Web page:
Boxing, the commercially insecure sport, had become Rachel’s life. Her obsession with its characters and back stories had fuelled her fire. James Toney wasn’t a bad place to start, but who was next? Working for Dan Goossen was incredible for the makeshift public relations guru, winning or learning with some of boxing’s biggest prospects and stars.

Now working alongside unbeaten, Irish twins, Aaron and Stevie McKenna, she was energised daily by their pranks and use of Photoshop or similar apps. It kept her young and kept her fit after recent surgeries. When Charles had dipped her toe into boxing’s shallow pool of non-fighters, her existence as a confident woman caused a stir. The sport’s hierarchy were creatures of habit, but she followed in the footsteps of one of her icons – breaking the mould.

“Jackie Kallen is just the be all and end all,” stated the adopted American, “She’s everything. She’s just the best, for sure. But there was also a PR lady that worked for Neil Diamond and I was like, ‘Hmm.’ And that’s how I started doing what I was doing for my husband. But in boxing it’s Jackie Kallen, there’s just no question. I didn’t know who she was. I’d seen that movie Behind the Ropes or whatever it’s called.”

“That was before my boxing days. Then I remember meeting her. I met her at Foxwoods, and it was James Toney, and I forget who he was fighting. Anyway, it was forever ago. So, I met Jackie, and I literally had a full on, ‘Oh, my God, that’s Jackie Kallen.’ And I went over, and I was like ‘If there was no you, there’d be definitely no me.’ And I’ll never forget it. We had lunch that week when we both got back to LA. She gave me a pair of earrings, these long, beautiful earrings. Jackie Kallen reminds me of Stevie Nicks.”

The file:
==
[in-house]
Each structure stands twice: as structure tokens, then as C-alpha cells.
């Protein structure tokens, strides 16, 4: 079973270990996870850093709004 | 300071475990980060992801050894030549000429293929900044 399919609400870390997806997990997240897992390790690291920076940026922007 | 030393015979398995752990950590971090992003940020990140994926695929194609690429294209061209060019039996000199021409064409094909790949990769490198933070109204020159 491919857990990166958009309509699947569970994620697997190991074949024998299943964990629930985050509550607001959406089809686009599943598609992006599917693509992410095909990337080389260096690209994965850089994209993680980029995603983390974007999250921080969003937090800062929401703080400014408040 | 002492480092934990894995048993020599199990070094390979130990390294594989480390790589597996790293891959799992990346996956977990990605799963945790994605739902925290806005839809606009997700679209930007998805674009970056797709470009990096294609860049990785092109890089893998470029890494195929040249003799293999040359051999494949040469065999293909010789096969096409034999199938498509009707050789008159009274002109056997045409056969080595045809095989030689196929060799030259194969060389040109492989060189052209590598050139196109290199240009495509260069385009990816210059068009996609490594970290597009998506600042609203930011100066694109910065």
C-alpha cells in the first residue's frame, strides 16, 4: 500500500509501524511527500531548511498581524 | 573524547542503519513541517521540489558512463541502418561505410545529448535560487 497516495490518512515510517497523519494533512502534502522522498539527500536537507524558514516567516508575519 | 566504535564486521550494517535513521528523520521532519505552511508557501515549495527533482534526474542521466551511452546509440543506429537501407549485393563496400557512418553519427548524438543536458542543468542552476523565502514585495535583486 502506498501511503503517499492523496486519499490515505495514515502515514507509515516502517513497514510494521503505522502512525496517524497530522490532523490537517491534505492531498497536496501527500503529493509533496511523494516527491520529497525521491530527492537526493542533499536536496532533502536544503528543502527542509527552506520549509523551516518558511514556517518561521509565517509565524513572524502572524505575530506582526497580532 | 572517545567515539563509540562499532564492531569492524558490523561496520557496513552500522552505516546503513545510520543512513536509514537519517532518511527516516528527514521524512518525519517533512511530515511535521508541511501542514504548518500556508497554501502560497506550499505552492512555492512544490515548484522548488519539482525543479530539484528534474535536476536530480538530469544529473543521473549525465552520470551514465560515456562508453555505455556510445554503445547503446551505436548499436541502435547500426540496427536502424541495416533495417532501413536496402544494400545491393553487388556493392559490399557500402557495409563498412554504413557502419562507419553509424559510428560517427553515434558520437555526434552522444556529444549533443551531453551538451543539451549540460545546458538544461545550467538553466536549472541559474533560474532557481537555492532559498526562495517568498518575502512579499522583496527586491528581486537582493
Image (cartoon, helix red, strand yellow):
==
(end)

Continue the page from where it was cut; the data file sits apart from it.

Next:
With Kallen’s backing and her own, unrelenting determination, Charles established herself as one of the most effective communicators in boxing. Column inches, website coverage and social media management has been balanced beautifully, with her stable growing consistently. For Rachel, it was about the unfathomable stories, and the fighters who would have been swept under the carpet without her. She viewed boxing from a storyteller’s vantage point, selling hope and pushing dreams on paper.

She was thrown into boxing’s deep end, sneaking between the ropes for some of the most anticipated contests in recent years. The pressure bothered Chelmsley Wood’s fighter, but it never showed. From the busted electricity meter, short on cash, she’d moved into a world overrun with dirty money. For Charles, it was about the people, not the pound notes, and she has worked with some of the best.

“Before I knew it I was working with Glen Johnson. My first fight was Glen Johnson versus Antonio Tarver at the Staple Center. Then I did James Toney’s World Championship fight in Madison Square Garden. And there I was standing in the middle of the ring. James is in the winning corner crying, I’m in the neutral corner crying. We’re both crying for different frigging reasons! Obviously I’m crying because I’m like, ‘Holy shit, I made it.'”

“Boxing’s full of people like me. There’s no question. I mean to look at me… It takes one to know one, right? So, when I’m talking to someone I can pick up on little things that they say, or if I have a gut feeling or kind of move around a subject and see how they respond, and then it would confirm what I thought I knew. To look at me, you wouldn’t think that I’ve gone through half the shit that I’ve gone through. But I do feel like I can talk to these kids, I feel like I want to look out for them, I speak their language. And it’s worked. I mean by speaking their language, I’ve gone through it.